The endothelial cells of vessels, the interstitial matrix and the distance between the tumor cells and vessels, are the major penetration barriers for intravenously administered anticancer drugs in reaching tumor cells after intravenous injection. The availability of a tumor tissue-mimicking model that includes both the endothelial cell layer and the extracellular matrix would be beneficial to assess drug penetration in early stages of drug development. Here, we propose a novel in vitro model for studying the above mentioned barriers. Human umbilical vein endothelial cells were cultured as a single layer on a collagen type-I coated permeable cell culture insert. After culturing for five days, the insert was superimposed on collagen type-I gel containing cancer cells. The system was evaluated for assessing penetration-enhancement by ultrasound triggered microbubble cavitation. Our model allowed visualization of the penetration distance of a model drug (fluorescein isothiocyanate – Dextran 500000-conjugated, FD500) from the endothelial cell layer into the cancer cell containing collagen matrix upon different sonication treatments. Initial results showed that the model allows the visualization of drug penetration and that the endothelial cell layer is affecting this. The presented in vitro model aims to mimic vessels and stromal tissue in cancer, and thus can aid in the assessment of drug penetration in the case of tumor-targeted drug delivery, and in the reduction and refinement of animal studies.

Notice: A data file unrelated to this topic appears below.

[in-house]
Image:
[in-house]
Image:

Sasaki, N., Bos, C., Escoffre, J-M., Storm, G., & Moonen, C. (2015). Development of a tumor tissue mimicking model with endothelial cell layer and collagen gel for evaluating drug penetration. International journal of pharmaceutics, 482(1-2), 118-122. https://doi.org/10.1016/j.ijpharm.2015.01.039